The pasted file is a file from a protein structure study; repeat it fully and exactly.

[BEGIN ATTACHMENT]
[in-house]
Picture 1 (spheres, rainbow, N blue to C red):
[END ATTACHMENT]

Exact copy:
[in-house]
Picture 1 (spheres, rainbow, N blue to C red):